In accordance with this embodiment of the invention, monocrystalline material layer 26 is a compound semiconductor layer of gallium arsenide (GaAs) or aluminum gallium arsenide (AlGaAs) having a thickness of about 1 nm to about 100 micrometers (μm) and preferably a thickness of about 0.5 μm to 10 μm. The thickness generally depends on the application for which the layer is being prepared. To facilitate the epitaxial growth of the gallium arsenide or aluminum gallium arsenide on the monocrystalline oxide, a template layer is formed by depositing a surfactant layer comprising one element of the compound semiconductor layer to react with the surface of the oxide layer that has been previously capped. The capping layer is preferably up to 3 monolayers of Sr—O, Ti—O, strontium or titanium. The template layer is preferably of Sr—Ga, Ti—Ga, Ti—As, Ti—O—As, Ti—O—Ga, Sr—O—As, Sr—Ga—O, Sr—Al—O, or Sr—Al. The thickness of the template layer is preferably about 0.5 to about 10 monolayers, and preferably about 0.5-3 monolayers. By way of a preferred example 0.5-3 monolayers of Ga deposited on a capped Sr—O terminated surface have been illustrated to successfully grow GaAs layers. The resulting lattice structure of the compound semiconductor material exhibits a substantially 45 degree rotation with respect to the accommodating buffer layer lattice structure.

EXAMPLE 2

In accordance with a further embodiment of the invention, monocrystalline substrate 22 is a silicon substrate as described above. The accommodating buffer layer is a monocrystalline oxide of strontium or barium zirconate or hafnate in a cubic or orthorhombic phase with an amorphous intermediate layer of silicon oxide formed at the interface between the silicon substrate and the accommodating buffer layer. The accommodating buffer layer can have a thickness of about 2-100 nm and preferably has a thickness of at least 4 nm to ensure adequate crystalline and surface quality and is formed of monocrystalline SrZrO3, BaZrO3, SrHfO3, BaSnO3 or BaHfO3. For example, a monocrystalline oxide layer of BaZrO3 can grow at a temperature of about 700 degrees C. The lattice structure of the resulting crystalline oxide exhibits a substantially 45 degree rotation with respect to the substrate silicon lattice structure.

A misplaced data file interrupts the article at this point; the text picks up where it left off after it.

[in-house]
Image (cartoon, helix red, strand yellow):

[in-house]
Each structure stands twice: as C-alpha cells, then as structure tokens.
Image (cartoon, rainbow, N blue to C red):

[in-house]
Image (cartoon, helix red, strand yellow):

An accommodating buffer layer formed of these zirconate or hafnate materials is suitable for the growth of a monocrystalline material layer which comprises compound semiconductor materials in an indium phosphide (InP) system. In this system, the compound semiconductor material can be, for example, indium phosphide (InP), indium gallium arsenide (InGaAs), aluminum indium arsenide, (AllnAs), or aluminum gallium indium arsenic phosphide (AlGalnAsP), having a thickness of about 1.0 nm to 10 μm. A suitable template for this structure is about 0.5-10 monolayers of one of a material M—N and a material M—O—N, wherein M is selected from at least one of Zr, Hf, Ti, Sr, and Ba; and N is selected from at least one of As, P, Ga, Al, and In. Alternatively, the template may comprise 0.5-10 monolayers of gallium (Ga), aluminum (Al), indium (In), or a combination of gallium, aluminum or indium, zirconium-arsenic (Zr—As), zirconium-phosphorus (Zr—P), hafnium-arsenic (Hf—As), hafnium-phosphorus (Hf—P), strontium-oxygen-arsenic (Sr—O—As), strontium-oxygen-phosphorus (Sr—O—P), barium-oxygen-arsenic (Ba—O—As), indium-strontium-oxygen (In—Sr—O), or barium-oxygen-phosphorus (Ba—O—P), and preferably 0.5-2 monolayers of one of these materials. By way of an example, for a barium zirconate accommodating buffer layer, the surface is terminated with 0.5-2 monolayers of zirconium followed by deposition of 0.5-2 monolayers of arsenic to form a Zr—As template. A monocrystalline layer of the compound semiconductor material from the indium phosphide system is then grown on the template layer. The resulting lattice structure of the compound semiconductor material exhibits a substantially 45 degree rotation with respect to the accommodating buffer layer lattice structure and a lattice mismatch between the buffer layer and (100) oriented InP of less than 2.5%, and preferably less than about 1.0%.

EXAMPLE 3